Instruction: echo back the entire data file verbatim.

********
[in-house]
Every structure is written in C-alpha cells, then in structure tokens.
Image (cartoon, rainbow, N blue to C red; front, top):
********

[in-house]
Every structure is written in C-alpha cells, then in structure tokens.
Image (cartoon, rainbow, N blue to C red; front, top):